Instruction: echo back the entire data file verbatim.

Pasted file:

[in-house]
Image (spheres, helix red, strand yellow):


[in-house]
Image (spheres, helix red, strand yellow):